2008 Joint Meeting of The Geological Society of America, Soil Science Society of America, American Society of Agronomy, Crop Science Society of America, Gulf Coast Association of Geological Societies with the Gulf Coast Section of SEPM

Paper No. 4
Presentation Time: 8:00 AM-6:00 PM

The Cretaceous Astronomical Time Scale

LOCKLAIR, Robert, Department of Earth and Planetary Sciences, Johns Hopkins University, 3400 N. Charles St, Olin Hall, Baltimore, MD 21218, HINNOV, Linda A., Morton K. Blaustein Department of Earth and Planetary Sciences, Johns Hopkins University, 3400 North Charles Street, Baltimore, MD 21218 and OGG, James G., Earth and Atmospheric Sciences, Purdue Univ, 550 Stadium Mall Drive, West Lafayette, IN 47907-2051, rlocklair@gmail.com

Many offshore marine sequences of the Cretaceous Period are characterized by decimeter-scale bedding cycles, which typically are expressed by alternations of relatively carbonate-rich (chalk, marl) and carbonate-poor beds (marl, shale, chert). A number of these Cretaceous successions have now been analyzed with spectral techniques to test for hypothesized orbital forcing of these depositional rhythms. The results have facilitated the development of an Astronomical Time Scale (ATS) through extended intervals of the Cretaceous marine record. The high resolution of this ATS provides a means to address rates of change for key Earth processes (seafloor spreading, biotic turnover, etc.) that have been otherwise difficult to evaluate based solely on available radiometric constraints. The ATS also enables an independent assessment of radiometric techniques and can be used for global correlations.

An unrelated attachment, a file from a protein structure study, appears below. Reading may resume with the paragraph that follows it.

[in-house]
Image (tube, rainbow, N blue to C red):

Compilation of a continuous record of Cretaceous orbital rhythms was accomplished by time series analysis of rhythmically bedded marine strata from localities across the globe, and stitched together by global chronostratigraphic datums. Multiple high-resolution geochemical and petrophysical time series were constructed from outcrops and cored sections, and from DSDP/ODP cores and boreholes. The most useful measurements were CaCO3, TOC, and well log data (FMS/FMI, gamma ray, magnetic susceptibility, photolog scans). Time series from each locality were analyzed at the stage level, and evaluated for stratigraphic completeness, biostratigraphic and magnetostratigraphic constraints.

Some of the challenges encountered in the study included the presence of major unconformities (e.g., Campanian and upper Turonian), condensed sections resulting in stratigraphic under-sampling for key orbital parameters (precession), poor core recovery, thus, poor biostratigraphic constraints, poorly resolved records, and lack of multiple robust, time-equivalent series for parallel investigation. Nevertheless, suitable time series were identified for every Cretaceous stage with the exception of the Campanian. Case studies for the Maastrichtian and Albian Stages will be highlighted with a discussion of applications.